Re­cy­cling sys­tem is de­fended

The Southland Times - - News - Am­ber-Leigh Woolf am­[email protected]

Ki­wis don’t know if their plas­tic is be­ing re­cy­cled, end­ing up in il­le­gal dump­ing sites in Malaysia, or be­ing burned by the moun­tain load.

But a spokes­woman for the As­so­ciate En­vi­ron­ment Minister says New Zealand should not stop ship­ping waste to South­east Asia.

This week, speak­ers from Malaysia trav­elled the coun­try with Green­peace to spread the mes­sage that ‘‘re­cy­cling is a myth’’.

WasteMINZ chief ex­ec­u­tive Paul Evans said rub­bish found by Green­peace in il­le­gal dump­ing sites in Malaysia had printed words in­di­cat­ing it could also be from Aus­tralia, but there was no way of know­ing.

‘‘Even if it was com­ing from Aus­tralia, what makes us think we’re that much dif­fer­ent?

‘‘We’ve got a re­ally im­por­tant role to play.’’

Ac­cord­ing to ex­port data, 4000 tonnes of plas­tic was shipped from this coun­try to Malaysia in the first half of 2018 af­ter China stopped ac­cept­ing the world’s re­cy­cling.

Evans said New Zealand could not turn a blind eye to the prob­lem, but to stop ship­ping waste to Malaysia was not the so­lu­tion.

‘‘I don’t think we should stop send­ing re­cy­cling to over­seas mar­kets sim­ply be­cause we can’t use all of that ma­te­rial in New Zealand.’’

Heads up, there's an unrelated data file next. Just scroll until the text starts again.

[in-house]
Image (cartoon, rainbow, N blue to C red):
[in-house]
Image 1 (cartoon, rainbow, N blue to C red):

There did need to be new fa­cil­i­ties to process the plas­tics here, he said.

In Au­gust, Welling­ton City Coun­cil staff trav­elled to Malaysia and found their ‘‘re­cy­clable’’ plas­tic meat trays from Welling­ton were be­ing dumped.

It came as a shock, as meat trays had been touted as a re­cy­clable op­tion to poly­styrene foam trays.

But Evans said it was not fea­si­ble for ev­ery coun­cil to travel to South­east Asia to see where their waste was go­ing.

Lay Peng, who works as a com­mu­nity ac­tivist for the Kuala Lan­gat En­vi­ron­men­tal group, said she would leave home in the mid­dle of the night to find plas­tic be­ing burned in se­cret open fires in her vil­lage of Jen­jarom.

The fumes from burn­ing plas­tic were harm­ing Malaysian res­i­dents in vil­lages and lin­ger­ing in their homes, she said.

In a state­ment, a spokes­woman for As­so­ciate En­vi­ron­ment Minister Eu­ge­nie Sage said the En­vi­ron­ment Min­istry has asked re­source re­cov­ery op­er­a­tors to con­sider en­vi­ron­men­tal is­sues in their in­ter­na­tional con­tracts.

The re­cy­cling sys­tem in New Zealand was good, she said.

‘‘We should con­tinue to in­vest in this. How­ever, it’s ob­vi­ously not the whole an­swer – we need to pre­vent waste from the out­set by de­sign­ing it out of the sys­tem, in­clud­ing cre­at­ing prod­ucts that last and can be re­paired or have com­po­nents that can be reused.’’

There was no need for Ki­wis to stop re­cy­cling, she said.

Fur­ther­more, New Zealand should not stop ship­ping re­cy­cling to South­east Asia. ‘‘But I do sup­port those coun­tries set­ting stan­dards about what they want com­ing into their coun­try,’’ she said.

‘‘We need to pre­vent waste from the out­set by de­sign­ing it out of the sys­tem.’’ Spokes­woman for As­so­ciate En­vi­ron­ment Minister Eu­ge­nie Sage

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